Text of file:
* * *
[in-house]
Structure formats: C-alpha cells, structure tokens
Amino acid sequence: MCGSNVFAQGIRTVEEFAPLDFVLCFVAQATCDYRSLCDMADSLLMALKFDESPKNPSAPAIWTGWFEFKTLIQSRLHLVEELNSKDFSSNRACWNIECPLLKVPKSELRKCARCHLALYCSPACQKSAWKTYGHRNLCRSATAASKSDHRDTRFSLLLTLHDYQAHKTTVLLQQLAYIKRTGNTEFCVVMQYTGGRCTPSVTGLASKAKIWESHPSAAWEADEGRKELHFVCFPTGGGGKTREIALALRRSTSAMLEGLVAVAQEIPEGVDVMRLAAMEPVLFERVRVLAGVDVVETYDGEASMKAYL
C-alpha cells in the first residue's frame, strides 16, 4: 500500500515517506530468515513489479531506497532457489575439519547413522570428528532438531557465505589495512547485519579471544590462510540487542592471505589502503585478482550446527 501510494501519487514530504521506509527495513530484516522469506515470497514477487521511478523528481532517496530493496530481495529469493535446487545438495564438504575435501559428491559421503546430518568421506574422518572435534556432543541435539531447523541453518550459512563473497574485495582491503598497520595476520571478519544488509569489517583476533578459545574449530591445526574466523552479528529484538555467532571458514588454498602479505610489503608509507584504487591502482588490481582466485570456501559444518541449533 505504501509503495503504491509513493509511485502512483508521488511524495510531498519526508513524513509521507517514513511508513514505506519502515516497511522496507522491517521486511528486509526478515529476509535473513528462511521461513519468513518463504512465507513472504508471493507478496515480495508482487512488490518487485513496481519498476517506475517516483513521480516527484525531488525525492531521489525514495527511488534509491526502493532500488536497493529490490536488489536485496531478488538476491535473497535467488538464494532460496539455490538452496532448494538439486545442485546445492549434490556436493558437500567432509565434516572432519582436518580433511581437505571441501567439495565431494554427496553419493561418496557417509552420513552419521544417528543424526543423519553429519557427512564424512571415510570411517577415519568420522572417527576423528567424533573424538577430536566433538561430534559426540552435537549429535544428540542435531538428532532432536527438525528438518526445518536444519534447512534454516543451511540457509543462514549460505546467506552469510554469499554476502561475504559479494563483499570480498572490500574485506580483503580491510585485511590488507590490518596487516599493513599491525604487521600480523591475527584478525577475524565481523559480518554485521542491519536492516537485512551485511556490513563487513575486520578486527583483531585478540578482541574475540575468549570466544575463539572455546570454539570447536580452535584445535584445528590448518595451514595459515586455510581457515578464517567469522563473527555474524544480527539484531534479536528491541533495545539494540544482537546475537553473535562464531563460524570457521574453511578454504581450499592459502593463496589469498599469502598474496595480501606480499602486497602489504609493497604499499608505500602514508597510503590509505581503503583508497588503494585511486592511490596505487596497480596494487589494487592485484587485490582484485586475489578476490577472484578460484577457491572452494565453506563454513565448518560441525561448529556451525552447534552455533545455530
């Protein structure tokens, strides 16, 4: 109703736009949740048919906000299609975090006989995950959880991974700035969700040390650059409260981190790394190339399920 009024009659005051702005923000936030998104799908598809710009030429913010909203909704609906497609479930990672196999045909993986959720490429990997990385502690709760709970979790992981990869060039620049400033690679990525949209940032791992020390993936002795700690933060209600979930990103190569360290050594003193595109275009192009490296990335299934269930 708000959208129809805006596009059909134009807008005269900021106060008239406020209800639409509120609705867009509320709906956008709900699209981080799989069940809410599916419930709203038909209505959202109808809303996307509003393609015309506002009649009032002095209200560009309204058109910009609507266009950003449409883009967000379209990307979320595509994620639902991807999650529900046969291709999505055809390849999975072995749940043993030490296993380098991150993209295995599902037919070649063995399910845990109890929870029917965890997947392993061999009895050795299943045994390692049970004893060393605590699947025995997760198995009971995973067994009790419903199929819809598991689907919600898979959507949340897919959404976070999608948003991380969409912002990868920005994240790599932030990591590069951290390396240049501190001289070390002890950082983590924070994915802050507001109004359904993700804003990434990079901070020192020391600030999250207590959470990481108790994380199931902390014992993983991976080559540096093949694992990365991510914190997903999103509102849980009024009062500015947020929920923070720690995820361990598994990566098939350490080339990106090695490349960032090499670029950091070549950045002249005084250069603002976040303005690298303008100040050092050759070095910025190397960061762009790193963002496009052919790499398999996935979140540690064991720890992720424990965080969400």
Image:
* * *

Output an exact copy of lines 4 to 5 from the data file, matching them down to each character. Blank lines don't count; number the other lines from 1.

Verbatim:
C-alpha cells in the first residue's frame, strides 16, 4: 500500500515517506530468515513489479531506497532457489575439519547413522570428528532438531557465505589495512547485519579471544590462510540487542592471505589502503585478482550446527 501510494501519487514530504521506509527495513530484516522469506515470497514477487521511478523528481532517496530493496530481495529469493535446487545438495564438504575435501559428491559421503546430518568421506574422518572435534556432543541435539531447523541453518550459512563473497574485495582491503598497520595476520571478519544488509569489517583476533578459545574449530591445526574466523552479528529484538555467532571458514588454498602479505610489503608509507584504487591502482588490481582466485570456501559444518541449533 505504501509503495503504491509513493509511485502512483508521488511524495510531498519526508513524513509521507517514513511508513514505506519502515516497511522496507522491517521486511528486509526478515529476509535473513528462511521461513519468513518463504512465507513472504508471493507478496515480495508482487512488490518487485513496481519498476517506475517516483513521480516527484525531488525525492531521489525514495527511488534509491526502493532500488536497493529490490536488489536485496531478488538476491535473497535467488538464494532460496539455490538452496532448494538439486545442485546445492549434490556436493558437500567432509565434516572432519582436518580433511581437505571441501567439495565431494554427496553419493561418496557417509552420513552419521544417528543424526543423519553429519557427512564424512571415510570411517577415519568420522572417527576423528567424533573424538577430536566433538561430534559426540552435537549429535544428540542435531538428532532432536527438525528438518526445518536444519534447512534454516543451511540457509543462514549460505546467506552469510554469499554476502561475504559479494563483499570480498572490500574485506580483503580491510585485511590488507590490518596487516599493513599491525604487521600480523591475527584478525577475524565481523559480518554485521542491519536492516537485512551485511556490513563487513575486520578486527583483531585478540578482541574475540575468549570466544575463539572455546570454539570447536580452535584445535584445528590448518595451514595459515586455510581457515578464517567469522563473527555474524544480527539484531534479536528491541533495545539494540544482537546475537553473535562464531563460524570457521574453511578454504581450499592459502593463496589469498599469502598474496595480501606480499602486497602489504609493497604499499608505500602514508597510503590509505581503503583508497588503494585511486592511490596505487596497480596494487589494487592485484587485490582484485586475489578476490577472484578460484577457491572452494565453506563454513565448518560441525561448529556451525552447534552455533545455530
């Protein structure tokens, strides 16, 4: 109703736009949740048919906000299609975090006989995950959880991974700035969700040390650059409260981190790394190339399920 009024009659005051702005923000936030998104799908598809710009030429913010909203909704609906497609479930990672196999045909993986959720490429990997990385502690709760709970979790992981990869060039620049400033690679990525949209940032791992020390993936002795700690933060209600979930990103190569360290050594003193595109275009192009490296990335299934269930 708000959208129809805006596009059909134009807008005269900021106060008239406020209800639409509120609705867009509320709906956008709900699209981080799989069940809410599916419930709203038909209505959202109808809303996307509003393609015309506002009649009032002095209200560009309204058109910009609507266009950003449409883009967000379209990307979320595509994620639902991807999650529900046969291709999505055809390849999975072995749940043993030490296993380098991150993209295995599902037919070649063995399910845990109890929870029917965890997947392993061999009895050795299943045994390692049970004893060393605590699947025995997760198995009971995973067994009790419903199929819809598991689907919600898979959507949340897919959404976070999608948003991380969409912002990868920005994240790599932030990591590069951290390396240049501190001289070390002890950082983590924070994915802050507001109004359904993700804003990434990079901070020192020391600030999250207590959470990481108790994380199931902390014992993983991976080559540096093949694992990365991510914190997903999103509102849980009024009062500015947020929920923070720690995820361990598994990566098939350490080339990106090695490349960032090499670029950091070549950045002249005084250069603002976040303005690298303008100040050092050759070095910025190397960061762009790193963002496009052919790499398999996935979140540690064991720890992720424990965080969400």